But there is another Krakov outside the tourist areas, where people look at you with that old-fashioned Soviet look as if you were likely to get them into trouble and where service is shambolic. People don't speak English and because it is the language of the globe and the future they feel inferior and resentful about not speaking it. This was typified by a woman running a liquor store from whom we tried to buy interesting vodkas. In the old fashioned communist way she seemed to want to make this as difficult as possible and was probably losing a lot of money by taking that attitude. Out in the countryside, where appalling old roads alternate with good new ones and both are lined by peasants selling varieties of fungus scavenged from the forest, even the most casual observer would see transition. When asked what I thought Southern Poland would be like in twenty years time I replied confidently that it would be indistinguishable from the West. Which I would never say of Georgia.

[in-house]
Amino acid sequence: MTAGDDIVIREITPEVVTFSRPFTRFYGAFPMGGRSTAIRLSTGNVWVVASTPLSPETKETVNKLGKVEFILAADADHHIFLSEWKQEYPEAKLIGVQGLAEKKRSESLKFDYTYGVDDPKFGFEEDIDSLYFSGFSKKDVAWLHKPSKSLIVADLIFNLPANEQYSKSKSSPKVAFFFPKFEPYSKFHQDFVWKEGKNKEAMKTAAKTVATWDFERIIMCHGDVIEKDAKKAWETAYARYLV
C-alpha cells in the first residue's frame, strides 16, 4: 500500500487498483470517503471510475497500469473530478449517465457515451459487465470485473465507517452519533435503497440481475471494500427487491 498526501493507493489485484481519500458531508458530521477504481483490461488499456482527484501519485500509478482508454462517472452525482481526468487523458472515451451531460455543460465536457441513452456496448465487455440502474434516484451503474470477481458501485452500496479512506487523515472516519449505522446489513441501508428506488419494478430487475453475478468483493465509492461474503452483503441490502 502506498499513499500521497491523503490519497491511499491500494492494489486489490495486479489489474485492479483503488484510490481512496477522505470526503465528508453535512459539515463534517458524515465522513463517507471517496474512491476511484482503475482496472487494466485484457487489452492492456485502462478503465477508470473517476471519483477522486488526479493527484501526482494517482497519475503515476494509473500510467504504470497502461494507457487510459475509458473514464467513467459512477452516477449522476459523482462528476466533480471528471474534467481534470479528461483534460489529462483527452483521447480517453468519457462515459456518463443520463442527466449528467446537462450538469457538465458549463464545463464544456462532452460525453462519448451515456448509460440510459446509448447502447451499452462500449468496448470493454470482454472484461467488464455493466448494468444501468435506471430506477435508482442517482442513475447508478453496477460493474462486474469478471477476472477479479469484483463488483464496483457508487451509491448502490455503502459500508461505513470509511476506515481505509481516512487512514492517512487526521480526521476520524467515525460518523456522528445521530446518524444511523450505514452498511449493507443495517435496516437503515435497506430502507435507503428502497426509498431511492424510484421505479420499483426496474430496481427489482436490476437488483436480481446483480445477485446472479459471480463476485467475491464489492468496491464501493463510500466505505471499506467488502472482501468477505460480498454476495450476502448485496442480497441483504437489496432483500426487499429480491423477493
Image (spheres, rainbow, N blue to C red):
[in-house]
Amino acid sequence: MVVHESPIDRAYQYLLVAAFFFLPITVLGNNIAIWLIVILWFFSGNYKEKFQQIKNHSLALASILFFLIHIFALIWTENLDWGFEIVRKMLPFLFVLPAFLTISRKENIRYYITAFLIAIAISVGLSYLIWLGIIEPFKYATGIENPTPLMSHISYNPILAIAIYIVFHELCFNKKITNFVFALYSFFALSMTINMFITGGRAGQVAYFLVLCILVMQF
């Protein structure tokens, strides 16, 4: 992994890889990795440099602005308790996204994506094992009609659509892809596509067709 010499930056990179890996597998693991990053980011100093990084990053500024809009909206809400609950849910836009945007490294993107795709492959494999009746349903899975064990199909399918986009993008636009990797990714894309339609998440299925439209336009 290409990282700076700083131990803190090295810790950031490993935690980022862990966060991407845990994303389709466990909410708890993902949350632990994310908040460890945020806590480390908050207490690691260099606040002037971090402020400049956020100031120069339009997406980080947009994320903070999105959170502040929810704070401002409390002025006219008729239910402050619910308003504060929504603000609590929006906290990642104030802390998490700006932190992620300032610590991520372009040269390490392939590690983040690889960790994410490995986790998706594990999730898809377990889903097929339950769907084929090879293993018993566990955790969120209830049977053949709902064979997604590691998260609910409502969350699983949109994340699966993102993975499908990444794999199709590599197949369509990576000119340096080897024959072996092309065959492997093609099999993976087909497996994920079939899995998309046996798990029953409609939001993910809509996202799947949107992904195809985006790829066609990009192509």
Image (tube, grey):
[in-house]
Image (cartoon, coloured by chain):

On the whole I think that the successful transition of the former Soviet "satellites" and the Baltic States to democracy and capitalism is irreversible, that of the other Soviet constituent republics much more doubtful. We must always remember that there are two different dimensions to this experience. There are the abstractions and generalisations: "political culture", "civil society" and the like. But there are also individual people who make decisions and strike attitudes. There is a lot of poor service in the old DDR, but just off the former Marx-Engels Platz we found a "typical Berlin" restaurant run by a young woman brought up in the DDR and run with friendliness, efficiency and some style, speaking good English without ever having been to an English-speaking country. You can either choose to join in this global capitalism business. Or not.

Lincoln Allison has recently retired as Reader in Politics, University of Warwick. To read further thoughts on their travels by Lincoln Allison and other Social Affairs Unit authors, see Touristic Reflections.

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A wise and liberal advisor to then-president Kuchma in Ukraine, Dr Vladimir Paskhaver, explained to it to me: "We are much like the Poles or Hungarians, " he said, "but they have only experienced communism since 1945 and so they have a living memory of life before. By suffering communism since 1917, we have no such living memory and it will slow us down by a hundred years."

Posted by: s masty at September 17, 2005 12:19 PM